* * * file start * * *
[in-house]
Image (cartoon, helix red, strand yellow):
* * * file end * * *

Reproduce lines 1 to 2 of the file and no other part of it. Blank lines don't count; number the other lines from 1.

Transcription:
[in-house]
Image (cartoon, helix red, strand yellow):